Dissociation of spatial memory systems in Williams syndrome

Mathilde Bostelmann, Emilie Fragnière, Floriana Costanzo, Silvia Di Vara, Deny Menghini, Stefano Vicari, Pierre Lavenex, Pamela Banta Lavenex

Research output: Contribution to journalArticlepeer-review


Williams syndrome (WS), a genetic deletion syndrome, is characterized by severe visuospatial deficits affecting performance on both tabletop spatial tasks and on tasks which assess orientation and navigation. Nevertheless, previous studies of WS spatial capacities have ignored the fact that two different spatial memory systems are believed to contribute parallel spatial representations supporting navigation. The place learning system depends on the hippocampal formation and creates flexible relational representations of the environment, also known as cognitive maps. The spatial response learning system depends on the striatum and creates fixed stimulus-response representations, also known as habits. Indeed, no study assessing WS spatial competence has used tasks which selectively target these two spatial memory systems. Here, we report that individuals with WS exhibit a dissociation in their spatial abilities subserved by these two memory systems. As compared to typically developing (TD) children in the same mental age range, place learning performance was impaired in individuals with WS. In contrast, their spatial response learning performance was facilitated. Our findings in individuals with WS and TD children suggest that place learning and response learning interact competitively to control the behavioral strategies normally used to support human spatial navigation. Our findings further suggest that the neural pathways supporting place learning may be affected by the genetic deletion that characterizes WS, whereas those supporting response learning may be relatively preserved. The dissociation observed between these two spatial memory systems provides a coherent theoretical framework to characterize the spatial abilities of individuals with WS, and may lead to the development of new learning strategies based on their facilitated response learning abilities.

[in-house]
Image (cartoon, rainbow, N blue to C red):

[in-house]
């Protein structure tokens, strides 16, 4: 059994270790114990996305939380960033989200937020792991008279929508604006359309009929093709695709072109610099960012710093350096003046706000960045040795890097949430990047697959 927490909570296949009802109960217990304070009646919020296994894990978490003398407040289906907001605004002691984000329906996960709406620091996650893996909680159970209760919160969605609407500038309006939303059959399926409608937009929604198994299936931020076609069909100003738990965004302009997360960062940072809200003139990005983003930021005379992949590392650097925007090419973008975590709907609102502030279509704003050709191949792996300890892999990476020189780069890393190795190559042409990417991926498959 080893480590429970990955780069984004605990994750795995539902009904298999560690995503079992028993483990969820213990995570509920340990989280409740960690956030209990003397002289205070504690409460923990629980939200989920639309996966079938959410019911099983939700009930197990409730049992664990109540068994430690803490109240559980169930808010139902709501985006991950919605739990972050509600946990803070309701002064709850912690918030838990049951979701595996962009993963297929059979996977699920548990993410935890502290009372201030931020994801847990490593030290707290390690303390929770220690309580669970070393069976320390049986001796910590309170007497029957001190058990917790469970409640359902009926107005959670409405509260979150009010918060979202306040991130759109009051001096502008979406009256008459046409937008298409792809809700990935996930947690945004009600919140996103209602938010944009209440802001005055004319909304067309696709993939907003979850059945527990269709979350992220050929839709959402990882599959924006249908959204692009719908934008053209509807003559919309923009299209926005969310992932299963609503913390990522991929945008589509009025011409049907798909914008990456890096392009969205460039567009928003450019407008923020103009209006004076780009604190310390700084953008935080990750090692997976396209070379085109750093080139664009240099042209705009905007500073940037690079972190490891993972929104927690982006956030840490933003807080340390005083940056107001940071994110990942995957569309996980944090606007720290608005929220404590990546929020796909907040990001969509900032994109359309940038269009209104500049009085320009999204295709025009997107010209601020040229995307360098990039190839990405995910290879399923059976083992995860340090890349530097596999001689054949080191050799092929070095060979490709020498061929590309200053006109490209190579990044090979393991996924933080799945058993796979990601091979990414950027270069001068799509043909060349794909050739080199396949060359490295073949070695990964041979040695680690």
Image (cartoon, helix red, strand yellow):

Original languageEnglish
Pages (from-to)1192-1203
Number of pages12
Issue number11
Publication statusPublished - Nov 1 2017


  • genetic disorder
  • hippocampus
  • place learning
  • response learning
  • striatum

ASJC Scopus subject areas

  • Cognitive Neuroscience


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